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Deep Branding: The Playbook for the extreme Generation

Over 150 years of its existence, Tata has been able to position itself as a brand with the community at the centre stage of the brand’s value proposition, and trust being the undercurrent of its businesses. It has successfully set a narrative that its products and services stand for performance and trust. It has been able to create a connection with customers that transcend commerce, with the belief, ‘I am getting a good deal for what I am paying because it is a Tata product’.

Deep branding is beyond a logo, interior design or other audio-visual triggers and amplifications. Rather, it is a holistic experience reaching beyond the surface. This is how a customer perceives when s/he hears or thinks of a company name, service or product. As Jack Trout and Al Reis rightly said branding grabbed a rung on the invisible mental ladder for each product category inside consumers’ minds.

Added to it, consumers want to be part of a clique and a perceived attainable niche that allows them to stand out from the crowd.

Thus, finding ‘meaning in the changing world’ and ‘relevance for the new extreme generation’ should be the priority of smart brands.



Deep branding is all about defining a brand’s core opulently and then becoming radical about it. Technology, consumer behaviour, free exchange of views, and real-time feedback have made the old-world playbook of branding less relevant. It is no longer just dominant recall and repeated positioning; it’s about value system.

A deep brand core allows a brand (organization, notion or icon) to explore its possibilities (and opportunities) to stretch and express freely, even radically. This usually helps brands blur its categories lines to find new business opportunities.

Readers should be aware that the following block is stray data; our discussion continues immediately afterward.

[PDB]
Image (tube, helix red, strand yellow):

According to a study by WGSN, consumers in the UK say that authenticity (73 per cent) and innovation (76 per cent) are most important for them. In other words, innovation is crucial and so also remaining true to one’s brand DNA.

If a store or a firm manages to achieve this deep brand perception, it is free to offer a variety of products and services as well as go for collaborations that are not necessarily within its core competencies. The only precondition is that the offering should match the lifestyle of its community.



Apple has built on the power of consistency to become synonymous with simplicity and class. The products are status symbols based more on emotion rather than on necessity.

Emotional branding strategy tagged along with customer experience has been the foundation of its unrelenting success. It has been able to create deep and lasting bonds with its customers with careful attention to product aesthetics, linking the brand with luxury in the eyes of its customers, who truly believe that the company products make their life better and that is exactly what many of its users are paying a premium for.

For example, advertisements for iMac say it isn’t just “a computer”, it helps make your computing experience exciting and pleasurable or the iPhone isn’t just “a smartphone”, it lets you put the power of an Apple computer in your phone.

Similarly, Tesla has used the hype-style marketing approach of Apple to create an intense desire for its electric vehicles, while capitalizing on the environmental trend.

The launch of the Tesla 3 was filled with hype. Several high-profile Indian entrepreneurs pre-ordered the pioneering electric car company’s most affordable model and the first to be available in India. All these while the production was more than a year away, and delivery could take two years or more.